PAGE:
Speech in Parliament on economic winners and losers

1.29pm | November 21, 2016

The Prime Minister has spoken about the need to undertake reforms to deliver long-term gains for all Australians, which may create winners and losers in the near term. It was a fairly clear statement about how he sees that dynamic. But clearly nobody has told the Attorney-General that that is the view of the Prime Minister, because the Attorney informed this chamber earlier that nobody is a loser in a prosperous economy and this economy is prospering.

In that context it might be worth considering what the Attorney-General might consider to be a prospering economy, because he was asked very directly about the nature of the Australian economy during question time today. Are there plenty of well-paid, secure jobs? Just last week the ABS issued its latest labour force figures, and employment growth has slowed. It has slowed to 0.9 per cent, down from 1.9 per cent just months ago. There are now more than 1.8 million Australians who are underemployed or unemployed, and it is underemployment that is causing so much of the hardship that we know we see in our communities. This figure includes 261,000 young people. These are young people who maybe are on the verge of giving up on the hope of their first job, their first step into the labour market, because what we also see is workforce participation amongst young Australians also falling.

And how about wages? How are families going? What are they taking home? Wage growth has hit a fresh record low, below two per cent, the lowest in the series, with workers across all industries seeing pay increases that barely match the increased cost of living. So Senator Brandis can make all of the assertions about prosperity that he likes, but the truth is that Australians do not experience the economy at the moment as a period of prosperity, because all the risks are being passed on to them but the amount of money going home in their pockets is just not keeping up with what is needed to keep yourself together.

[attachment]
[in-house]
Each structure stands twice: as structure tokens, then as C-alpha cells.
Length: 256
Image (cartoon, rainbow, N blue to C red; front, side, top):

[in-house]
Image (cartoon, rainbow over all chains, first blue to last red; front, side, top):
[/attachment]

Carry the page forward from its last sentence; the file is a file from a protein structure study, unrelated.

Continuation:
Perhaps Senator Brandis would consider a well-balanced budget a mark of a prospering economy. There is a new report out this morning from Deloitte which projects a further $24 billion deterioration in the Commonwealth budget under Mr Morrison, the Treasurer; and Mr Turnbull, the Prime Minister. If that projection eventuates, that is going to put further pressure on Australia's AAA credit rating.

We have had the deficit for 2015-16 blow out by eight times what was projected at the 2013 election, and today the Treasury is confirming that we will not see a surplus until 2021, and their only plan to address it seems to be cuts to essential services and, worse, a corporate tax cut that will blow the deficit out even more and that is completely unfunded and represents the height of irresponsibility.

The fact that reform creates winners and losers is unremarkable, actually, because change does create winners and losers, but what is remarkable is that under this government there is a consistent pattern. It is a pattern that emerges every single time we see a proposition for reform. That pattern is that the winners under any reform process that is commenced are the top end of town every single time and the losers every single time are low- and medium-income Australians.

There are reform agendas—real agendas for economic reform—that would share the growth, benefit middle-income Australians, benefit low-income Australians and benefit the Australian economy, but these are reforms that the government is unwilling to contemplate. They are reforms to education which would see every Australian have the chance to build the skills that they need to contribute to productivity in this country. These are critical reforms that were initiated under Labor, and Gonski is being undermined by this government. They are reforms to housing that would see the playing field levelled so that people who want to buy a home to live in—not just as an investment property—get a fair run at the auction. These are reforms this government refuses to contemplate. There are tax reforms which would ask higher-income earners to pay their fair share rather than give tax cuts to the very big corporations, but none of these reforms are contemplated by the government. That is the real tragedy here, because we know that the economy does need reform.

But Australians are right to be nervous when they hear the Prime Minister talking about winners and losers, because they know that, every time, if they are an ordinary Australian, they will lose.